PRESIDENT Jacob Zuma has instructed the Minister of Sports to handle the controversy that continues to surround athletics heroine Caster Semenya - and it was about time that the executive became involved.
But this should go further than the International Association of Athletics Federation's request that Zuma persuade Athletics South Africa president Leonard Chuene to withdraw his resignation from the world body.
With due respect to the Presidency, the ministry, Chuene and the IAAF, whether he stays or goes is secondary to whether he misled South Africans and the world when he said Semenya had not been subjected to a sex test.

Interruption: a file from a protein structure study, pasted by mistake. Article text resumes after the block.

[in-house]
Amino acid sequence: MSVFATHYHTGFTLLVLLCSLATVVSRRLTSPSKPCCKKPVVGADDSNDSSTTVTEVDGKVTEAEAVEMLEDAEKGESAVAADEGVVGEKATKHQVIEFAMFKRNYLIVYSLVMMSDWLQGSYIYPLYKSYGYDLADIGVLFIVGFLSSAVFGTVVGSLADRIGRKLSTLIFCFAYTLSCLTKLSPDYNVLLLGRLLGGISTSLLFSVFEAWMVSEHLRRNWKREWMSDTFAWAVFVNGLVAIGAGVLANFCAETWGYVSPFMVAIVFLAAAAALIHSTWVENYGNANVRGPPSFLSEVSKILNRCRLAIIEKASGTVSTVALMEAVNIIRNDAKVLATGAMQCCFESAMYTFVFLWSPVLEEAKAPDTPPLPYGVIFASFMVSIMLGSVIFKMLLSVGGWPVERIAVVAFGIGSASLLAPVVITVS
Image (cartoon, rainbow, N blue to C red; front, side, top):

Semenya's coach, Wilfred Daniels, has since quit his position and insists the young woman was duped into submitting to such a test when she was under the impression it was a routine doping check.
As matters stand we do not know which of the mutually destructive versions is true.
If Chuene is found to have misled all of us, as Daniels alleges, the IAAF and South African athletics will be better off without him. Daniels, who has already quit, should be prevented from coaching young athletes again because he would have caused Semenya further and unnecessary pain and embarrassment.
It is amazing that it has taken the executive this long to step in and defend South Africa's most positive little story.
We hope this happens with the same speed that Semenya has made such a permanent feature of her life.